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Even before our son’s wedding last month, people asked us to send or show them pictures of the ceremony. Both those who were present and those who couldn’t attend wanted to see pictures. For those who are present, pictures are a way of remembering. For those who can’t attend an event or make it home for a holiday, pictures tell what happened.
As I searched through the hymnal for a list of songs to lead, I found almost nothing on the Judgment or on God as Judge. It just wasn’t there. One little phrase from the Psalms. And another from a song written by a brother in Christ about the Lord coming to judge. And that was it. Why, I wonder, is one of the major themes of Scripture absent from our hymns?
Though it makes a difference to someone, whether a sports team wins a tournament or championship has no effect on my life. Not even on my emotional scale. Jesus rose from the dead. This is a fact, like the announcement of the winning team of a playoff. But more than a fact, it is a truth.
Satan is the accuser. His mission is to keep man away from God. His methods are many, his wiles devious. The very word “Devil” means an accuser, a slanderer. While purporting to help and point out a more advantageous way to get through life, the prince of demons is setting a trap.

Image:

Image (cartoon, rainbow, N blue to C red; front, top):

On Friday a Brazilian Catholic cardinal declared, in jest, to reporters, that the family is “the world’s greatest problem.” This was his throw-away phrase to deflect speculation that doing away with celibacy among the clergy might raise the number of priests in his religion.
When Jesus wants something intensely, it’s worth paying attention. Intensely. He said literally, “With desire I have desired.” Some scholars understand this as a hangover from the Hebrew which intensifies the idea of the verb.
The Lord’s supper is a family meal. It is for those who celebrate their redemption. It is for those who have been bought by the blood of the cross, who stand in a covenant relationship with God.
Glenda Williams tells that in their jail ministry in Geneva, Alabama, when one prisoner was baptized, he felt so thankful for the forgiveness of his sins that he stood in the baptistry and wept for a long time.
Like a broom, the Lord’s Supper sweeps away all the detritus, accumulated junk and lesser concerns of our lives. At the table, we see clearly the One Thing in this world that really matters.